There’s a family dinner table scene in the middle of the book that is fraught with tension. (Aren’t all family dinner tables fraught with tension?) That meal has a citrus-inspired Southern menu, including pork tenderloin glazed with orange marmalade; asparagus with flecks of orange zest; and a dessert called Orange Supreme or Orange Fluff, which is a concoction of mandarin oranges, crushed pineapple, and cottage cheese. I’ll include the recipe for the dessert, but I’ll admit that it might be an acquired taste! [See below…]

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READ MORE ABOUT THIS AUTHOR AND THIS BOOK: www.andreabobotis.com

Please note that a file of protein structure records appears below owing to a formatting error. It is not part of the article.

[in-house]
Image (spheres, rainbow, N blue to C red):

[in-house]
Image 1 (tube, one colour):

ORDER THIS BOOK FOR YOUR OWN TBR STACK:  https://www.tatteredcover.com/book/9781492678861


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Orange Supreme, or Orange Fluff
A Southern citrus dessert, perfect for summertime
Featured in the novel The Last List of Miss Judith Kratt by Andrea Bobotis

Serves: 4

Ingredients

  • 1 small can mandarin oranges, drained
  • 1 small can crushed pineapple, drained
  • 1 package orange-flavored gelatin (like Jell-O)
  • 8 ounces frozen whipped topping, thawed
  • 8-12 ounces cottage cheese, small curd (may want to drain)

Instructions

Pour all ingredients into a large bowl and stir to combine.
Refrigerate for several hours before serving.


Work-in-Progress

DC-area author Leslie Pietrzyk explores the creative process and all things literary.